Parsons died after being taken off life support after attempting to kill herself. The events leading up to her death are too long to recount in detail here, but in short, Parsons was raped when she was 15 years old, and pictures of the sexual attack were circulated throughout her school and community. The pictures resulted in Parsons being cyberbullied, leading to mental health challenges in the months leading up to her death.

The 12-year-old in B.C. who died by suicide last year took his life in response to online sextortion, according to the Prince George RCMP.

McCann says the RCMP wants victims of sextortion and their families to know that police are there to assist them—not get them in trouble.

“The big thing that we want kids and their parents to know when it comes to sextortion-type issues is that, in a situation where it’s reported to the police, our goal is not to get that kid in trouble. Our goal—100 per cent—is to figure out ways that we can make that kid safe. We don’t want to get kids in trouble for the fact that they’ve been scammed […] they are the victim in this situation,” McCann tells the News.

She adds that police will investigate and, in some cases, pursue prosecution against those responsible for online sextortion. They can also try to have intimate images of a victim removed from online platforms.

“There are situations where we can try to get those [images/videos] removed, where we can figure out where those were sent to, where they’re potentially being saved, how they’re being shared, and try to get those removed, because that is obviously kind of what the goal is, to collect those images.”

If someone falls victim to sextortion, McCann says they should speak with a trusted adult. Police can also be alerted to the situation. She also notes that the websites and are helpful resources for people dealing with sextortion.

Speaking about how to minimize the risk of being sexually extorted online, McCann says parents should talk with their children about internet safety, including when—or if—it’s okay to engage with strangers online. Parents should also know how their kids communicate on their phones and what social media platforms they use.

“Privacy is important. Obviously, we want to make sure our kids have privacy. But it’s also important for parents to be aware of who their kids are communicating with online and what apps they’re using. Making sure that you know if your kid has a Snapchat account and what kind of images they’re sharing,” McCann says.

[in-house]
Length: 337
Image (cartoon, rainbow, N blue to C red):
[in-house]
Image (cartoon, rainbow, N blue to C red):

She adds that parents can set tech-related rules and boundaries for their households, such as no devices in bedrooms and having a communal spot where devices are charged overnight.

A young girl and older woman use a laptop. (Pixabay/TungArt7)

It is also important to avoid oversharing online. Parents should set a good example for their kids by respecting the privacy of others online and ensuring they aren’t posting overly private information. Parents should also monitor their and their kids’ online reputations by Googling family names every now and again.

Of course, ensuring that kids’ devices have appropriate privacy settings is also important.

“Checking and adjusting privacy settings regularly is important. Are your kids’ Instagram accounts public so anyone can see them, or are these private so you have to request to follow? Those private accounts are important for young people as well,” McCann says.

Parents should also be aware of the online protections employed at their child’s school and the privacy settings and online protections utilized by any after-school caregivers.

Finally, McCann notes that parents should have honest and open conversations with their kids about the dangers of sharing intimate content online. This is particularly important when kids start dating to ensure they know about the risks of revenge porn and how consent works concerning intimately shared images. (“Having consent to have taken that picture does not mean that you have consent to share it—it doesn’t mean that you have consent to give it to other people,” McCann notes.)

Contact Matthew Bossons at

Matthew Bossons

About the Author: Matthew Bossons

I grew up in a suburb of Vancouver and studied journalism there before moving to China in 2014 to work as a journalist and editor.